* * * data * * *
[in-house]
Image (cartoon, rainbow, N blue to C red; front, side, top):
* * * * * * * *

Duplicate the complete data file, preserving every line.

[in-house]
Image (cartoon, rainbow, N blue to C red; front, side, top):